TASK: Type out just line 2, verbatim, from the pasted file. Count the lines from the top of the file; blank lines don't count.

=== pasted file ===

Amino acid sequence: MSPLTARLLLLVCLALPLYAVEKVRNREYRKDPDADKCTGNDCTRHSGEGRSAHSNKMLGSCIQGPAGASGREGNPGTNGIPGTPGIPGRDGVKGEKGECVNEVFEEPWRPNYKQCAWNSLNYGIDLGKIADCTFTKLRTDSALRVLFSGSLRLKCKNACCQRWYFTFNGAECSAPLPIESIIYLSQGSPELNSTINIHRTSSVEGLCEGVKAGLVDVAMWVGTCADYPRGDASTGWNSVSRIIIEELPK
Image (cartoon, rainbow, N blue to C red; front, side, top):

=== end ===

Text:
Image (cartoon, rainbow, N blue to C red; front, side, top):